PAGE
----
Filmmaker Jacob T. Swinney edited this phenomenal montage of the beginning and ending frames of 55 different movies shown side-by-side. Perhaps it’s not surprising that there’s often a relationship between the two images, but it’s fascinating to see how different directors employ symmetry, with some going so far as using almost the exact same shot to start and end a movie. You can see a full listing of movie titles with timestamps on Vimeo. (via Susannah Breslin via Kottke)
The Stanley Hotel in Estes Park, Colorado, is famous for hosting celebrities, politicians and other notable figures over the last century, but perhaps no visitor was more significant than writer Stephen King, whose stay at the 140-room neo-Georgian hotel inspired him to write The Shining. While the movie adaptation wasn’t filmed at the Stanley, that hasn’t stopped the hotel from embracing their share of fame in association with the legendary book and 1980 horror film.
Now the Stanley plans to build a 61,500 square foot hedge maze, similar to the backdrop of the heart-pounding final moments in Kubrick’s adaptation. The maze will be built from 1,600 to 2,000 Alpine Currant hedge bushes, and the design will come from a (free) public contest. Anyone is invited to submit plans for the maze, they even have templates and detailed instructions about how to create your design. Submissions are open until January 31st, 2015. (via Neatorama)
One of the most gratifying aspects of watching stop-motion films is the knowledge that every bit of motion seen on screen is created by human hands, frame by frame, millimeter by millimeter. While an animator might tell you it takes an entire day just to film a 3-second sequence, it’s still difficult to imagine how much physical labor is involved to accomplish it. Lucky for us, the animators behind Laika’s Boxtrolls snuck in a short post-credits timelapse that reveals a brief glimpse of what happens behind the scenes to make two characters come to life.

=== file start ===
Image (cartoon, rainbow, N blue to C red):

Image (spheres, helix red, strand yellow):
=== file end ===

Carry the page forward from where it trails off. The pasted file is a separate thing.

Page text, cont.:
I first saw Boxtrolls in the theater last September with my son, and this single scene caused a more vocal response from the audience than any other moment in the entire movie. People were literally gasping, myself included. Over the holidays, Focus Features finally made it available online through their YouTube channel.
Art and Craft is a new feature documentary about art forger Mark Landis (previously) who is arguably one of the most prolific art forgers in U.S. history, having tricked over 60 museums in 20 states into believing his masterfully created replicas are authentic artworks. The catch: so far, it appears Landis, who has been diagnosed as schizophrenic, has yet to commit a crime. While he’s caused headaches, confusion, and multi-year investigations, he has never sought to benefit or profit from his forgeries in any way. Instead, he enjoys the performative act of pretending to be a philanthropist who makes donations of obscure artwork to art institutions, many of which unknowingly exhibited the fakes, allowing Landis the secret thrill of seeing his work on display.